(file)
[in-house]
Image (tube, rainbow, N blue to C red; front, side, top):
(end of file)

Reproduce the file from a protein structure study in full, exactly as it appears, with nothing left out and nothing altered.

[in-house]
Image (tube, rainbow, N blue to C red; front, side, top):